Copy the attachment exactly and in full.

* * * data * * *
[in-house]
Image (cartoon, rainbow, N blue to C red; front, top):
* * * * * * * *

[in-house]
Image (cartoon, rainbow, N blue to C red; front, top):